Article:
Why 7% Unemployment Is Inflation Turning Point Fed Doesn't Say
Federal Reserve policy makers say full employment means a long-term jobless rate between 5 percent and 5.3 percent. Some of the most influential economists say they’re wrong.
Dean Maki at Barclays Capital, 2006 Nobel Prize-winner Edmund Phelps and Bank of America-Merrill Lynch’s Ethan Harris estimate the worst financial crisis since the Great Depression has pushed the so-called natural rate of unemployment to between 6.3 percent and 7.5 percent. Unless the Fed accepts that more Americans will be permanently out of work, the central bank may spur inflation by waiting too long to raise its benchmark rate from a record low, said Maki, Barclays’ chief U.S. economist and the most accurate forecaster in a December 2009 Bloomberg News survey.
Bondholders “must worry that if the natural unemployment rate is up to 7 percent, then there’s the danger that the Fed will keep piling on more stimulus money as if they didn’t have to worry” about joblessness, Phelps, 76, a professor at Columbia University in New York, said in an interview.
On a “cheerful day” Phelps said he estimates the rate, or NAIRU, has climbed to between 6.5 percent and 7 percent. On a “gloomy day,” he pegs it from 7 percent to 7.5 percent.
“If you knew for sure that the natural rate was 5 percent, then it might make sense for the unemployment rate to hit 7 or 7.5 percent before you start tightening at all,” Maki, 45, said in an interview from his New York office. “That becomes a very risky strategy when the natural rate has risen, because you could be sitting at a zero percent Fed funds rate at full employment and not realize it.”
Joblessness has stalled above 9 percent since May 2009 as about 8 million positions in the U.S. evaporated during the economic slump that began in December 2007, and companies from Detroit automaker General Motors Co. to Hollywood, Florida, homebuilder Tousa Inc. declared bankruptcy.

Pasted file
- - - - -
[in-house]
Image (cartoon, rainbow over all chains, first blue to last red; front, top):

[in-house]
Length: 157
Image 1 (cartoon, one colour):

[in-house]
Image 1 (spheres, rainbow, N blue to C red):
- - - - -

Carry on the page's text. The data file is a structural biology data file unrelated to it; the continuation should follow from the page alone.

Maki said the natural rate -- the level that neither accelerates nor decelerates inflation -- will remain high because there’s a mismatch between available jobs and the skills of the unemployed. People whose homes are worth less than their mortgages also may be reluctant to move for work, and the extension of unemployment benefits deters some people from accepting employment with lower pay because a portion of their lost income has been replaced, Maki said.
While inflation isn’t a threat now, investors should sell 10-year and 30-year Treasuries, buy Treasury Inflation-Protected Securities and limit their exposure to the U.S. dollar if it does become apparent, said Arthur Tetyevsky, chief U.S. fixed- income strategist at investment bank Gleacher & Co. in New York and former chief U.S. credit strategist at HSBC Securities USA.
‘Overstimulating’ the Economy
“If we try to reach a target that’s consistent with what historical NAIRU levels were, we run the risk of keeping rates too low and overstimulating the economy,” he said.
The Labor Department on June 4 will report the jobless rate fell to 9.8 percent in May from 9.9 percent in April and private payrolls increased by 175,000, according to the median forecasts of economists in Bloomberg News surveys. While nongovernment employers added 231,000 jobs in April, the most in four years, the unemployment rate rose from 9.7 percent in March as more people entered the labor force looking for work. Economists in Bloomberg News surveys forecast the rate will fall to 9.6 percent for the year and 9 percent in 2011, according to the median estimates.
The jobs market is “beginning to improve,” Fed policy makers said after the Federal Open Market Committee meeting April 27-28, adding they need to see more signs of sustained gains before ending their pledge to keep the rate on overnight loans among banks between zero and 0.25 percent for an “extended period.”